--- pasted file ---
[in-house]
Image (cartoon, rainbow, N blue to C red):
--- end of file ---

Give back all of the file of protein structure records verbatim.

[in-house]
Image (cartoon, rainbow, N blue to C red):